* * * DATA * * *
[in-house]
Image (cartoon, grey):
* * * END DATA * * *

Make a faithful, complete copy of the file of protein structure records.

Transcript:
[in-house]
Image (cartoon, grey):